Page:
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The Starry Night is an oil on canvas dating from June 1889. In this work, Van Gogh depicts a nocturnal spectacle in which swirls of stars mingle with a halo of moonlight. The celestial star shines like a sun, giving the whole picture a magical atmosphere. But this poetic setting may conceal a completely different reality. The main elements of this painting, interspersed with shades of blue and yellow, are organised around a spiral that gives the sky a chaotic force. Perhaps this representation reflects the unstable character of the artist, who was torn between bouts of dementia and creative euphoria.

Date of the work : 1889
Original dimensions : 74 cm x 92 cm
Place of conservation : Museum of Modern Art (MoMA), New York, USA

Starry Night Over the Rhône

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Van Gogh often expressed his passion for night skies. In his view, the night is just as alive as the day. And the painter made this premise one of his most cherished themes. Painting at night was an obsession for him. Painted in September 1888 in Arles, The Starry Night over the Rhone is the first in a long series of paintings that Van Gogh would devote to the night sky. In this painting, the lights burst forth from all sides, and the lights of the city of Arles, reflected in the Rhône, seem to respond to the stars shining in the sky. In the foreground, a couple is strolling along, which gives the painting a dilettante and peaceful rhythm.

Date of the work : 1888
Original dimensions : 72 cm x 92 cm
Place of conservation : Musée d'Orsay, Paris, France

Vase with Twelve Sunflowers

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The "Sunflowers" series of still lifes is probably Van Gogh's best known. Between August 1888 and January 1889, the artist painted seven pictures in which these heliotropic flowers are depicted in different phases of their life, from their blossoming to their wilting. Two similar paintings, one of which opens the series and the other closes it, are entitled "Vase with Twelve Sunflowers". The flowers are arranged in a terracotta vase that stands out against a light blue background that brings out the subject with an almost photographic foreground effect. The colours, all in shades of ochre and yellow, give relief to the canvas and an impression of life to the flowers which, represented at different stages of their flowering, perhaps symbolise the cycle of life.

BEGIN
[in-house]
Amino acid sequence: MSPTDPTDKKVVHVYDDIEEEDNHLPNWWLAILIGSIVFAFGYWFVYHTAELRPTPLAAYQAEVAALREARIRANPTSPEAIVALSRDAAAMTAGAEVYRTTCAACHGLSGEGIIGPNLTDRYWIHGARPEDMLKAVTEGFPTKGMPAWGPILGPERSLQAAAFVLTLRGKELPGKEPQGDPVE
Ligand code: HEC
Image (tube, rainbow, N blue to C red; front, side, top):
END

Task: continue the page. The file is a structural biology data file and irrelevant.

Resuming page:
Date of the work : 1889
Original dimensions : 95 × 73 cm
Place of conservation : Philadelphia Museum of Art, Philadephia, USA

The potato eaters

Van Gogh les mangeurs de pommes de terre
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Vincent van Gogh's painting The Potato Eaters is an iconic work that captures the everyday life and simplicity of 19th-century Dutch peasants. Painted in 1885, this canvas depicts an intimate scene of a family gathered around a table, sharing a frugal meal of potatoes. Using a palette of dark, earthy colours, Van Gogh succeeds in conveying the heaviness and rusticity of peasant life. The faces of the figures, lit by the dim light of an oil lamp, reflect fatigue, but also a certain serenity and deep humanity.

The artist chose to depict this simple but profoundly human moment to show the solidarity and strength of the people in the face of adversity. The rough textures, calloused hands and worn clothing of the figures bear witness to the harshness of their daily lives. Yet despite this austere reality, Van Gogh manages to infuse the scene with a palpable warmth and dignity.

Date of the work : 1885
Original dimensions: 114 × 82 cm
Place of conservation : Van Gogh Museum, Amsterdam, Netherlands